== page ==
- Decreased ability to identify odors can predict death: Olfactory dysfunction is a harbinger of mortality
- Why wet feels wet: Understanding the illusion of wetness
- Solving the mystery of the 'Man in the Moon': Volcanic plume, not an asteroid, likely created the moon's largest basin
- Support for controversial Darwin theory of 'jump dispersal'
- New drug-delivery capsule may replace injections
- Semen secrets: How a previous sexual partner can influence another male's offspring
- Geneticists solve 40-year-old dilemma to explain why duplicate genes remain in the genome
- Sleep twitches light up the brain
- Quest continues for peanut that won't cause allergic reaction
- Mimicking brain cells to boost computer memory power
Posted: 01 Oct 2014 12:55 PM PDT
The inability of older adults to identify scents is a strong predictor of death within five years. Almost 40% of those who failed a smelling test died during that period, compared to 10% of those with a healthy sense of smell. Olfactory dysfunction predicted mortality better than a diagnosis of heart failure or cancer.
Posted: 01 Oct 2014 10:34 AM PDT
Though it seems simple, feeling that something is wet is quite a feat because our skin does not have receptors that sense wetness. UK researchers propose that wetness perception is intertwined with our ability to sense cold temperature and tactile sensations such as pressure and texture.
Posted: 01 Oct 2014 10:30 AM PDT
New data obtained by NASA's GRAIL mission reveals that the Procellarum region on the near side of the moon -- a giant basin often referred to as the "man in the moon" -- likely arose not from a massive asteroid strike, but from a large plume of magma deep within the moon's interior.
Posted: 01 Oct 2014 07:27 AM PDT
More than one hundred and fifty years ago, Charles Darwin hypothesized that species could cross oceans and other vast distances on vegetation rafts, icebergs, or in the case of plant seeds, in the plumage of birds. Though many were skeptical of Darwin's 'jump dispersal' idea, a new study suggests that Darwin might have been correct.
Posted: 01 Oct 2014 07:27 AM PDT
A pill coated with tiny needles can deliver drugs directly into the lining of the digestive tract, researchers have found, suggesting that the end of injections may be near.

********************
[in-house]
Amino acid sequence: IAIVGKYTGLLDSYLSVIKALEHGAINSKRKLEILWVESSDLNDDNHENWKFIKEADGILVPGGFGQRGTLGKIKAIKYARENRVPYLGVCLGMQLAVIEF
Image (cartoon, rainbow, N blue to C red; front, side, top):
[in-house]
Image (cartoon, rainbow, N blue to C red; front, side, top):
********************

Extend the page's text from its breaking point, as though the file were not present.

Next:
Posted: 01 Oct 2014 06:02 AM PDT
Scientists have discovered a new form of non-genetic inheritance, showing for the first time that offspring can resemble a mother's previous sexual partner -- in flies at least. Researchers manipulated the size of male flies and studied their offspring. They found that the size of the young was determined by the size of the first male the mother mated with, rather than the second male that sired the offspring.
Posted: 30 Sep 2014 06:22 PM PDT
After 40 years of wondering why, scientists have discovered that duplicate genes confer 'mutational robustness' in individuals, which allows them to adapt to novel, potentially dangerous environments.
Posted: 29 Sep 2014 12:39 PM PDT
A new study finds twitches during rapid eye movement sleep comprise a different class of movement, which researchers say is further evidence that sleep twitches activate circuits throughout the developing brain and teach newborns about their limbs and what they can do with them.
Posted: 29 Sep 2014 09:39 AM PDT
A food scientist has removed 80 percent of allergens from whole peanuts, moving him a step closer to eliminating 99.9 percent of peanut allergens. For the study, researchers used a pulsating light system to direct concentrated bursts of light to modify the peanut allergenic proteins. That way, they say, human antibodies can't recognize them as allergens and begin to release histamines.
Posted: 29 Sep 2014 06:03 AM PDT
Researchers have brought ultra-fast, nano-scale data storage within striking reach, using technology that mimics the human brain. The researchers have built a novel nano-structure that offers a new platform for the development of highly stable and reliable nanoscale memory devices.
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